What is Duodenal Cancer?
Duodenal cancer is a rare form of cancer in the duodenum, the first and shortest of three parts of the small intestine. The other two parts of the small intestine are the jejunum and the ileum. Shaped like a horseshoe, the duodenum sits between the stomach and the jejunum. Duodenal cancer often produces a duodenal tumor that, left untreated, can grow in mass over time and affect the duodenum.
The duodenum is essential to healthy digestion. The duodenum receives food from the stomach, breaks food down with bile and chemical secretions, and facilitates the absorption of essential nutrients into the body.
Duodenal cancer disrupts the digestive process and regular functioning of the duodenum. This disruption prevents needed nutrients from reaching the body.
Duodenal cancer symptoms often appear in the latter stages of the disease when a duodenal tumor grows large enough to block food from passing through the digestive tract. At this point, the body is unable to absorb essential nutrients.
There are several signs of duodenal cancer:
- Acid reflux
- Weight loss
- Abdominal pain
- Abdominal mass
- Bloody stool
- Jaundice (yellowing of the skin and white portion of the eyes)
- Anemia (low count of red blood cells)
Many of these symptoms can also mean another digestive issue is present that is not cancer. Therefore, we recommend anyone with these symptoms to seek medical care to assess the signs, identify potential causes and receive appropriate treatment.
There is currently no consensus among medical professionals on duodenal cancer causes. However, there are known duodenal cancer risk factors. These risk factors fall into categories such as lifestyle, diet, genetics, age and preexisting conditions.
Recognized risk factors that may lead to or cause duodenal cancer:
- Lifestyle: Current research suggest that smoking and drinking can increase your risk for developing duodenal cancer, or any other cancer of the small intestines. More research is needed to confirm these findings.
- Diet: Studies suggest that diets high in red meat, salt, or smoked foods can increase your risk for duodenal cancer.
- Genetics: Inherited diseases such as cystic fibrosis and familial adenomatous polyposis, cancer of the large intestine, may increase the risk of developing duodenal cancer.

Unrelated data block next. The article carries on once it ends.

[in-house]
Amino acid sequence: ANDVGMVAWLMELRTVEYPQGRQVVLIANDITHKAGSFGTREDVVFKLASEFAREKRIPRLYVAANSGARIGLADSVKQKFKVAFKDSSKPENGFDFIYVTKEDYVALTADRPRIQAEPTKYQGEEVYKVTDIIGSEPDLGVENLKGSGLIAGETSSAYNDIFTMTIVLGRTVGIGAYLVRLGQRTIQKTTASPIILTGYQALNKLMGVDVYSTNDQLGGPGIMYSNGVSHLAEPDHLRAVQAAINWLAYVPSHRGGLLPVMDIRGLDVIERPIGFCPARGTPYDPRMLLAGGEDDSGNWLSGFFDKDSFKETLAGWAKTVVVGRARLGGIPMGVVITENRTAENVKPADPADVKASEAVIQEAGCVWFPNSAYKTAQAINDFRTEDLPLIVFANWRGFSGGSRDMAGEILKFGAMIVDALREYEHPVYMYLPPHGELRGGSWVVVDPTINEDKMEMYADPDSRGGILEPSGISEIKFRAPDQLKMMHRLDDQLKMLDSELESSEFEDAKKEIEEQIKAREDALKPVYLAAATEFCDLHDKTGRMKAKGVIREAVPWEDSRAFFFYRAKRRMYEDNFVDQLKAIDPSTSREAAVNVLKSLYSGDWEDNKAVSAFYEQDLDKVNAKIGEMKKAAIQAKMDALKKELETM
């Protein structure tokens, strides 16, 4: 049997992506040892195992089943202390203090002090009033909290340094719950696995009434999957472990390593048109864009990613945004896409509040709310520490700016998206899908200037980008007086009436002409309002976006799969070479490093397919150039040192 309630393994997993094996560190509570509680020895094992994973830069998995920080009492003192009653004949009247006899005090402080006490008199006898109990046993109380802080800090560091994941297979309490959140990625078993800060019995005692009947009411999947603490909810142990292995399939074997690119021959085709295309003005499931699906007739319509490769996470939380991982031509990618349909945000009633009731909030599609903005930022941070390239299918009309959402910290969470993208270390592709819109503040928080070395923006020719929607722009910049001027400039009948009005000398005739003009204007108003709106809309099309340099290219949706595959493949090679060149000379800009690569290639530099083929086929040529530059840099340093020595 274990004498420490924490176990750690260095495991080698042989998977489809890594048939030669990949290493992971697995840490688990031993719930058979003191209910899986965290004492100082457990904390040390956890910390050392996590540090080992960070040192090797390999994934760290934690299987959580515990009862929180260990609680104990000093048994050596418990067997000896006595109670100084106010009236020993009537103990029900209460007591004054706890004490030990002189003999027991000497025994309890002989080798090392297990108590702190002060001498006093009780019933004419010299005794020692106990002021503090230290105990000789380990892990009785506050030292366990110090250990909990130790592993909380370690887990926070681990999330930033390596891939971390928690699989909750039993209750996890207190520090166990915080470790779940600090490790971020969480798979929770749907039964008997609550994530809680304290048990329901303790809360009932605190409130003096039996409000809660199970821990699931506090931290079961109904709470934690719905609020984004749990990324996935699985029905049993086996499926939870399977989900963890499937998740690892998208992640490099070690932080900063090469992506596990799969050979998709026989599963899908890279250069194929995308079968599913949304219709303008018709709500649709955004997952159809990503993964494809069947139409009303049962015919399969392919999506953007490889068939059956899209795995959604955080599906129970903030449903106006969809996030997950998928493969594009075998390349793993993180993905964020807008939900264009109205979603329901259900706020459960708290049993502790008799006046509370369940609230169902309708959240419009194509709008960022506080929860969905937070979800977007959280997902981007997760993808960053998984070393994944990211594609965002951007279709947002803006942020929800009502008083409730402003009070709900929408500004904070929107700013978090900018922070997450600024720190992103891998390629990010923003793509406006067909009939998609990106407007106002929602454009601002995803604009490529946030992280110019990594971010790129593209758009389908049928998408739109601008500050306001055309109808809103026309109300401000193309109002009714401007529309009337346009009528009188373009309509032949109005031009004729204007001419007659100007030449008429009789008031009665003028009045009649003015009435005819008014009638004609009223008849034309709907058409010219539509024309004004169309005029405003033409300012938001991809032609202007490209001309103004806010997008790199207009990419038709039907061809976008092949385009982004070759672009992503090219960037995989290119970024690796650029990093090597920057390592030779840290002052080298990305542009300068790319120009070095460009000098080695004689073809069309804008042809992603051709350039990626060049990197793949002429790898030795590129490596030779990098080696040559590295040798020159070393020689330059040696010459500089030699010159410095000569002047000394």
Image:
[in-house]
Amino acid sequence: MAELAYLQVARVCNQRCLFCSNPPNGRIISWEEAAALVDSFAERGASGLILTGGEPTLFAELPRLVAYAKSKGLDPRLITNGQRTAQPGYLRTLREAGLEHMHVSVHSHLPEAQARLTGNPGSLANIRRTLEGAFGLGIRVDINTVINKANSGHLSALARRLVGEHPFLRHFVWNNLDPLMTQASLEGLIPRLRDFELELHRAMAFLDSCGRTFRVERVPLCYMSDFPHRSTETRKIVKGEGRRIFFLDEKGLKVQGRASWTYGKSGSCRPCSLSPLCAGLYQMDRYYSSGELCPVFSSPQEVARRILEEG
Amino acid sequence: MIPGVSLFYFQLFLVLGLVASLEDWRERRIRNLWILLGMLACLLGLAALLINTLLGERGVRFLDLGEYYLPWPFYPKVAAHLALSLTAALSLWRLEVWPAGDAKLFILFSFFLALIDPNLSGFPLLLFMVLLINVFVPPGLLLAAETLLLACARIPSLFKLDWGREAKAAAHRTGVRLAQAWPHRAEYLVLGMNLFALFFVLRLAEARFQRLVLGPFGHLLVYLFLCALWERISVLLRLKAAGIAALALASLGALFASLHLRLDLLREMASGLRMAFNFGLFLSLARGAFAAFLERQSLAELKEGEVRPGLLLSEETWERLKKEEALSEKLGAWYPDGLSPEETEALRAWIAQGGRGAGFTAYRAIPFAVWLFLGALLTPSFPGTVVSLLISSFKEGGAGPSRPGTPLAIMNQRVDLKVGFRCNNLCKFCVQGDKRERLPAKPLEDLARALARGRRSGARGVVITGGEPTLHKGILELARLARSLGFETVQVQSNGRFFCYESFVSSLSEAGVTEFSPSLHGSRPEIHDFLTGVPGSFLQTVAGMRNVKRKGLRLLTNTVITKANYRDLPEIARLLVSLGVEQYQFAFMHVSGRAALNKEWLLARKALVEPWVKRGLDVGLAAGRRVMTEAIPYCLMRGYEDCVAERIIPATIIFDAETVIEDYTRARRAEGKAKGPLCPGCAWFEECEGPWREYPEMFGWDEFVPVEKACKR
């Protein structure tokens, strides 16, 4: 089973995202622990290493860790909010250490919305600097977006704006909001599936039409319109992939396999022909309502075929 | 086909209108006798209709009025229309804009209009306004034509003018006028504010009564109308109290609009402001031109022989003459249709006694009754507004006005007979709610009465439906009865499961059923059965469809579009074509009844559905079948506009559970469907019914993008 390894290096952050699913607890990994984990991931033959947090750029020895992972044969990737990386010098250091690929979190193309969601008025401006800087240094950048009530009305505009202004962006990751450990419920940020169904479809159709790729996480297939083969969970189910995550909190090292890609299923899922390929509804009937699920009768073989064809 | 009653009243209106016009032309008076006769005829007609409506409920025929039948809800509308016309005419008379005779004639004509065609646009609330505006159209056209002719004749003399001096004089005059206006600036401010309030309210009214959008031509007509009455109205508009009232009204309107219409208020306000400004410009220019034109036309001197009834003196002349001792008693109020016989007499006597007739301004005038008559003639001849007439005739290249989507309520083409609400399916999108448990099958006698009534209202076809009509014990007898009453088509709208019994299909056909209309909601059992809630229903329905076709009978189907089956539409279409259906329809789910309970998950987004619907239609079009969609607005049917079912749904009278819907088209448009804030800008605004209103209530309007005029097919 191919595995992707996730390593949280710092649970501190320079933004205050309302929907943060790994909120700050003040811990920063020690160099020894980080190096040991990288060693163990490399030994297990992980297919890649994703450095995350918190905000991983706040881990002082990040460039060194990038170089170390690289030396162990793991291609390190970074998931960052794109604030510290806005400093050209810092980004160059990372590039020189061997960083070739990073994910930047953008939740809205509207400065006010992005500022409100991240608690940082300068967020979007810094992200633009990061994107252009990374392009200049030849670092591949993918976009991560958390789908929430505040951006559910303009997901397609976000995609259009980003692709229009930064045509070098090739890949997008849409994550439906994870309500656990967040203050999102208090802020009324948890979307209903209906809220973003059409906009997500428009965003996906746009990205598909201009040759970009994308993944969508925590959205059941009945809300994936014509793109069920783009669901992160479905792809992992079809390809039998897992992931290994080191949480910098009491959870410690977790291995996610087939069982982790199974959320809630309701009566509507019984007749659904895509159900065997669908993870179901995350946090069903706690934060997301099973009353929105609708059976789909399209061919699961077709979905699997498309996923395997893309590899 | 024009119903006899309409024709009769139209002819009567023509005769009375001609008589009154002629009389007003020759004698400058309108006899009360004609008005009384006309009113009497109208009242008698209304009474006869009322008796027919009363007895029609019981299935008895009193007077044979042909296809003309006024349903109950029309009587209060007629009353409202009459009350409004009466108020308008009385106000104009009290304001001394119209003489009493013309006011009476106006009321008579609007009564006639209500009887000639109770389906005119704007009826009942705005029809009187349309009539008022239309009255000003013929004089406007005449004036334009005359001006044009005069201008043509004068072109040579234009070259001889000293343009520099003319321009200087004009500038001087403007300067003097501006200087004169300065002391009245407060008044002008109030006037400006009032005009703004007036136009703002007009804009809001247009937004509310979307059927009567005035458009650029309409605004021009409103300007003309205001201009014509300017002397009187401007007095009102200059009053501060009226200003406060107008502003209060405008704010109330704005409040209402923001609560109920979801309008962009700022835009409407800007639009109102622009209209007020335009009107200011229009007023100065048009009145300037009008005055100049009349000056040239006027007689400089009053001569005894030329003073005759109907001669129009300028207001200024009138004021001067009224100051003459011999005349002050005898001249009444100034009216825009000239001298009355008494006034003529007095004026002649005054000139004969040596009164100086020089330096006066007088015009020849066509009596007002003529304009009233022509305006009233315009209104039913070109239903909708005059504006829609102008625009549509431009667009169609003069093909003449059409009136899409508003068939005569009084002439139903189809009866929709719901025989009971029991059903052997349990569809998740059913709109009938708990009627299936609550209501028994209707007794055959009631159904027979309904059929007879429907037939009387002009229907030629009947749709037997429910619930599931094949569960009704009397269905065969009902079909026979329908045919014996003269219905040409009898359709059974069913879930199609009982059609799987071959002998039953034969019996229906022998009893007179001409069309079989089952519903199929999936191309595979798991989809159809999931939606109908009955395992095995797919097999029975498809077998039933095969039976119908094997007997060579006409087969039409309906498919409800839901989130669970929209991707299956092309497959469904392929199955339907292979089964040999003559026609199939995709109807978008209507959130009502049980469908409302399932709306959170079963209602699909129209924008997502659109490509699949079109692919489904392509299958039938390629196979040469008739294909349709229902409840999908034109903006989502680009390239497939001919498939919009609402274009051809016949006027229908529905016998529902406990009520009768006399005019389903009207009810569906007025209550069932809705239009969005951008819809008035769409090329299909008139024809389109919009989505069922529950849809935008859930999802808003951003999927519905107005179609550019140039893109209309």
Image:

- Age: There are higher rates of duodenal cancer in older adults.
- Preexisting Conditions: Having gastrointestinal disorders, such as Crohn’s disease or celiac disease, or colon cancer can increase the risks for duodenal cancer.
Duodenal cancer is a rare, but potentially life-threatening disease. If you or a loved one experience any of these symptoms, please seek out the help of a caring and trained medical provider. Baptist Health is here to help.
Duodenal cancer diagnosis is complicated by the physical shape and structure of the lower intestine (appears much like a folded tube), and by the delay of symptoms until the later stages of the disease. Duodenal cancer also shares the symptoms of several other conditions.
Diagnosis typically starts with a physical exam and patient interview regarding lifestyle, such as smoking and drinking, diet, family history of disease, and any pre-existing conditions.
Next, your doctor will recommend one or more of the following tests:
- Blood tests. Medical professionals take blood samples to check for signs of cancer and other potential conditions.
- Laparotomy: Your doctor will perform a surgical procedure by making an incision in the wall of the abdomen. This allows your doctor to check the inside of the abdomen for signs or symptoms of duodenal cancer.
- Endoscopy: Your doctor will use one of three different types of endoscopy to look inside your body for signs of duodenal cancer.
- Upper endoscopy. A doctor inserts an endoscope (thin tube) into a patient’s throat, through the stomach and into the duodenum. A light and camera built into the endoscope allows the doctor to view and photograph areas inside your body.
- Capsule endoscopy: A patient swallows a small pill-sized capsule with a built-in light and wireless camera. The capsule travels through the body, digestive tract and small intestines. During the journey, the tiny camera captures and sends images to a local recorder which, in turn, sends the images to a local computer for review.